The east Oxford low traffic neighbourhoods (LTNs) aimed at improving safety by reducing traffic in residential streets will be implemented in spring 2022. The LTNs will be trialled in three areas which include Divinity Road Area, St Mary’s and St Clement’s.
The decision was made by Councillor Liz Leffman, Leader of Oxfordshire County Council, at a meeting today (Thursday 16 December).
The LTNs will be implemented under an experimental traffic regulation order (ETRO) for a minimum period of six months, during which people can continue to provide feedback on the proposed schemes.
Divinity Road, St Mary’s and St Clement’s were chosen as priority areas for LTNs as they have high volumes of through traffic and low levels of cycle safety compared to other parts of the city.
Consultations over the last year found that most residents living in these streets were strongly in favour of the LTNs. Some businesses and vehicle users who live or work outside the LTN area but use these streets to travel through the city were opposed to the LTNs.
Councillor Liz Leffman, Leader of Oxfordshire County Council, said: “I thank everyone who has taken part in the discussions and debates around LTNs to date. It is no secret that there is a wide range of views on the merits of these measures.
“The council is committed to addressing climate change, improving road safety and traffic congestion and ensuring the health and wellbeing of our residents. I believe the east Oxford LTNs are an important way to help deliver these priorities.
“While LTNs are not a complete solution, they are a stepping stone towards behavioural change. There is much work to do to make our roads fit for the future, and to tackle the pressing issue of the climate emergency. Unfortunately, this work cannot happen overnight, and change will come incrementally. LTNs are part of the journey to zero carbon transport.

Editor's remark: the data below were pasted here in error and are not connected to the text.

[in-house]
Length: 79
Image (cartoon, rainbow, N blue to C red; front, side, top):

“These measures form part of a much wider strategy to transform how people move around our county. As a council we have pledged to eliminate our carbon emissions by 2030 and LTNs are an important step towards that target.
“I recognise that many other measures need to be taken to ensure the success of LTNs. And I completely understand the concerns of those opposed to these measures. As a county council we are committed to implementing other measures and having honest conversations with everyone to deliver a transport plan that works for all.”
Over the last year the council engaged with residents, businesses, schools, emergency services, waste collection services and other interested parties. While everyone agreed on the importance of LTNs, there were some concerns expressed about access to streets. Solutions to these concerns have been found so that all streets within the LTNs continue to be accessible to residents, emergency services, visitors and deliveries by car or van.
A number of quietways will also be implemented to guide cyclists on quieter routes through the Cowley and east Oxford LTNs, which are facilitated by the traffic filters implemented as part of the LTNs.
The decision on whether to extend the trial, make the LTNs permanent or remove the LTNs will be made following the ETRO trial period, and based on feedback received during this period, along with data collected on traffic and air quality during that time.
What is a LTN?
An LTN is an area where through-traffic is prevented to create streets with fewer vehicle movements so that residents can enjoy a quieter neighbourhood and feel safer when they walk or cycle.
What is a Quietway?
A quietway is a cycle route that links key destinations through backstreets rather than busier roads in the area. They are considered safer cycle routes for less confident cyclists.
What is a ETRO?
ETRO is a legal document which imposes traffic and parking restrictions. The council uses ETROs to see if a scheme will work in practice. An ETRO can stay in force for up to a maximum of 18 months while the effects of a proposal are monitored and assessed.